On Saturday night, the NFL will announce its award winners for the 2012 season in New Orleans and a hotly contested battle for Offensive Rookie of the Year finally will be settled.
With three quarterbacks who directed their teams to the postseason, and a running back that finished second overall in rushing, a strong argument can be made for Robert Griffin III, Russell Wilson, Andrew Luck and Alfred Morris. But there will be only one winner.
Here’s a look at the case for - and against - each candidate taking home the honor (keeping in mind votes were cast at the end of the regular season) as well as a closing argument for the player the CSNWashington.com crew believes to be most worthy:
For: The Redskins’ quarterback reenergized a disillusioned fan base by leading the team to its first division title since 1999. He rushed for a rookie quarterback record 815 yards, tossed 20 touchdowns passes against five interceptions, and finished with a passer rating of 102.4, another new standard for first-year signal callers. The rating was also the third best mark in the NFL behind Super Bowl winning quarterbacks Aaron Rodgers and Peyton Manning.
Against: As dazzling as RG3 proved to be, his durability was an issue. He was knocked out of two regular season games because of a concussion and a knee sprain and missed another due to the same knee injury. In the one start Griffin missed, fellow rookie Kirk Cousins took the reigns and led the Redskins to a comfortable victory in Cleveland.
For: After claiming the starter’s job in training camp, Wilson overcame doubts about his height (he’s listed at 5 foot 11) and early inconsistency (8 INTs in first 8 games) for the 11-5 Seahawks. The third rounder ranked among the league leaders in many categories, including passer rating (100.0, fourth), rushing yards (489, third among QBs) and touchdowns (26, tied for ninth).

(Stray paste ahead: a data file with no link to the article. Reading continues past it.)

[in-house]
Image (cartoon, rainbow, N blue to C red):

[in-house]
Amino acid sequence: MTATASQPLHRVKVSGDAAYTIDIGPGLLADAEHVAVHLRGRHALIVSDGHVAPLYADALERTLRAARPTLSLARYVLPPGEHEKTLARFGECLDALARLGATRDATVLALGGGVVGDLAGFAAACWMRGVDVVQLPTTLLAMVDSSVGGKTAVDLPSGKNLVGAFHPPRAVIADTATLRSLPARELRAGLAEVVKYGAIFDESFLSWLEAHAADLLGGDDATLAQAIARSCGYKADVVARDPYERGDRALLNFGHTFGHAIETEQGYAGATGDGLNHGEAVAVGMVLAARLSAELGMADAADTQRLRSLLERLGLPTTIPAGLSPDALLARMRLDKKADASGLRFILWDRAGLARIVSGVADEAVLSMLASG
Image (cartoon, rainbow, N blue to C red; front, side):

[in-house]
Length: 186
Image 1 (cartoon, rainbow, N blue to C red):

Against: Of the three quarterbacks, Wilson joined the team best equipped to find success in 2012. With an elite running back in Marshawn Lynch and a well-rounded defense, Wilson and the Seahawks built on their 7-9 record from the previous season, which ended with consecutive losses - by a combined five points.
For: The Colts were coming off a miserable two-win season when Luck arrived in Indy. By the end of 2012, though, they had claimed 11 wins and Luck had cemented his place among the NFL’s clutch performers, having engineered seven fourth-quarter comebacks. And he did it all with less talent surrounding him than Griffin and Wilson.
Against: Although Luck passed for a rookie record 4,374 yards, it’s hard to overlook his passer rating of 76.5, which ranked 26th. That rating was dinged by 18 interceptions, which was 13 more than Griffin and eight more than Wilson. Yes, Luck threw the ball a lot more. But too often it ended up in the hands of an opposing defensive back.
For: The sixth round pick wasn’t even a lock to make the 53-man roster, but the rugged north-south runner quickly proved to be the perfect fit for Coach Mike Shanahan’s offense. Morris broke the Redskins’ single-season rushing record with 1,613 yards to go along with 13 touchdowns and, by the end of the season, was evolving into an every down player after showing significant progress in pass blocking and pass catching.
Against: It can be argued that a decent amount of Morris’ success was due to the fact that he shared the same backfield with Griffin. The threat of the option often caused defenses to become preoccupied with stopping RG3, thus creating openings for Morris that he wouldn’t have been afforded otherwise.
With all apologies to the others, Griffin should claim the award going away. Although he now faces an uncertain short-term future as he recovers from major knee surgery, the 22-year-old established himself as the face of the NFL (as evidenced by jersey sales) and unofficially led this year's impressive crop of rookies in highlights.
Remember the 76-yard touchdown run against the Vikings? Or the bootleg where he juked Jason Pierre-Paul out of his cleats at the Meadowlands? How about that back shoulder pass to Santana Moss in Dallas on Thanksgiving?
Much was expected of Griffin as the second overall pick out of Baylor. And with an impressive collection of did-he-just-do-that highlights and more wins than almost anyone believed was possible, he delivered. Big time.